It seems like everyone is talking about being mindful these days! From “how-to” magazine articles to “feel-good” stories on the evening news, mindfulness is generating quite a buzz! So, what’s it all about? Is it for me? Will mindfulness enhance the quality of my life, and can I teach myself how to incorporate the principles?
With all of these questions in mind, I decided look for a clear definition and purpose for mindfulness. I thought I could do a quick Google search, but I soon discovered there were variations in meaning, depending on each website I visited. I wasn’t looking for articles that correlated mindfulness with an ancient religious practice or a certain type of clinical therapy. I was searching for information pertaining to the recently popularized “mindfulness movement."
My online search led me to a plethora of information that took some time to fully digest. You see, mindfulness is not a technique with step-by-step instructions; it’s a state of mind.
Mindfulness is a way to purposefully connect to our own lives by cultivating our attention on our thoughts, emotions, or experiences moment-by-moment without passing any kind of judgement. (Did you get that?) It means paying attention on purpose in the present moment non-judgmentally! You can think of mindfulness as being fully present in the moment.
While mindfulness might seem simple, it’s not necessarily all that easy to do. We are taught from an early age to develop our capacity to think, but mindfulness centers on developing our capacity of awareness. It’s not about what you’re paying attention to, it’s about sharpening your focus and training your brain to be more aware.
In a video entitled, “What is Mindfulness?,” Dr. Jon Kabat-Zinn points out that as human beings, our brains tend to spend a huge amount of time worrying about the future or reminiscing about the past. With this preoccupation, the present moment tends to get completely squeezed out! Kabat-Zinn goes on to say that in order to reclaim our lives, we must learn to pay close attention to our mind and body in the “present” without judgement because the “present” is the only time we are truly alive in our bodies and capable of learning, communicating, expressing love, seeing, hearing, smelling, tasting, or touching, etc.!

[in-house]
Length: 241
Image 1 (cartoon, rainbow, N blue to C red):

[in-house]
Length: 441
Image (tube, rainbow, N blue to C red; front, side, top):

As we become more present in our own lives, mindfulness can help us make better decisions and become more engaged in life. Studies show that mindfulness increases focus, creativity, happiness, and overall health. It can also help us learn to appreciate the present more fully, which is really all we truly have! The real work is to make time every day to practice the art of mindfulness.
Here’s a short practice to get you started:
Thanksgiving is just around the corner, and it’s the perfect time to practice being mindful! Here are a few suggestions to help everyone enjoy a “Mindful Thanksgiving?”:
1. Practice Giving Thanks and Gratitude
Before the traditional prayer or grace is given, take turns finishing this sentence:
“This past year, I have been thankful for _________.”
2. Eat Mindfully
Ask guests to take a moment to view the beautiful bounty on the table and enjoy the wonderful smells in the air. Then, encourage everyone to truly taste and savor each bite by eating mindfully. Express gratitude for those who prepared the meal, as well as those who grew it and the earth from which the food came.
~Contemplating your food for a few seconds before eating in mindfulness can bring you much happiness.—Thich Nhat Hanh
3. Talk—and Listen—Mindfully
Listen mindfully to any conversation during the meal. Focus on the person speaking and really hear what they are saying instead of assuming you know how the story will end or thinking about what you are going to say in response. Be aware that the mind tends to hear what it wants to hear rather than what is actually being said.
“Be happy in the moment, that's enough. Each moment is all we need, not more.”